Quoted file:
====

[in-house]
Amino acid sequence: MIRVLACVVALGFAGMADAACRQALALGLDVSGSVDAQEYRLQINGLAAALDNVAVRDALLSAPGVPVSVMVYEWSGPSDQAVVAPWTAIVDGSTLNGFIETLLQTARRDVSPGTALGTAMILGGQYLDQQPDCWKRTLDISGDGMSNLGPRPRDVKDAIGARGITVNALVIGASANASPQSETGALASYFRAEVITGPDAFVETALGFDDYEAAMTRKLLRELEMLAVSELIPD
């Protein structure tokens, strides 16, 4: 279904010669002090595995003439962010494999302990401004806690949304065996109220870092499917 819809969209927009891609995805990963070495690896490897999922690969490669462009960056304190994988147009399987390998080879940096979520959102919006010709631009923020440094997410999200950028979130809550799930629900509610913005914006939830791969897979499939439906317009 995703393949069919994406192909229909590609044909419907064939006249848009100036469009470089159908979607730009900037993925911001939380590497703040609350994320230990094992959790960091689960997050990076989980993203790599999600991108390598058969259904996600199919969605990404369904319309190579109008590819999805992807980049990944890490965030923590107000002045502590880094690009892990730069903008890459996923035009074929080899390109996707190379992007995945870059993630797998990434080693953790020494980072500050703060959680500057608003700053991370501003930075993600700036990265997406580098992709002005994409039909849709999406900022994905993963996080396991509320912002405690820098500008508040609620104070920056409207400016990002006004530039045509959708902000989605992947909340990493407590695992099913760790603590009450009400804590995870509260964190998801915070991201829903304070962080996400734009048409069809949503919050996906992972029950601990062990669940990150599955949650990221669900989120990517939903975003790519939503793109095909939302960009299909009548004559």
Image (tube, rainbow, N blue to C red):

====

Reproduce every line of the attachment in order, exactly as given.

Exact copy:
[in-house]
Amino acid sequence: MIRVLACVVALGFAGMADAACRQALALGLDVSGSVDAQEYRLQINGLAAALDNVAVRDALLSAPGVPVSVMVYEWSGPSDQAVVAPWTAIVDGSTLNGFIETLLQTARRDVSPGTALGTAMILGGQYLDQQPDCWKRTLDISGDGMSNLGPRPRDVKDAIGARGITVNALVIGASANASPQSETGALASYFRAEVITGPDAFVETALGFDDYEAAMTRKLLRELEMLAVSELIPD
């Protein structure tokens, strides 16, 4: 279904010669002090595995003439962010494999302990401004806690949304065996109220870092499917 819809969209927009891609995805990963070495690896490897999922690969490669462009960056304190994988147009399987390998080879940096979520959102919006010709631009923020440094997410999200950028979130809550799930629900509610913005914006939830791969897979499939439906317009 995703393949069919994406192909229909590609044909419907064939006249848009100036469009470089159908979607730009900037993925911001939380590497703040609350994320230990094992959790960091689960997050990076989980993203790599999600991108390598058969259904996600199919969605990404369904319309190579109008590819999805992807980049990944890490965030923590107000002045502590880094690009892990730069903008890459996923035009074929080899390109996707190379992007995945870059993630797998990434080693953790020494980072500050703060959680500057608003700053991370501003930075993600700036990265997406580098992709002005994409039909849709999406900022994905993963996080396991509320912002405690820098500008508040609620104070920056409207400016990002006004530039045509959708902000989605992947909340990493407590695992099913760790603590009450009400804590995870509260964190998801915070991201829903304070962080996400734009048409069809949503919050996906992972029950601990062990669940990150599955949650990221669900989120990517939903975003790519939503793109095909939302960009299909009548004559």
Image (tube, rainbow, N blue to C red):